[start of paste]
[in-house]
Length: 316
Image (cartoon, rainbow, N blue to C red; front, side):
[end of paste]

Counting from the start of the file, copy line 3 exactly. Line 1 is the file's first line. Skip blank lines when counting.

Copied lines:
Image (cartoon, rainbow, N blue to C red; front, side):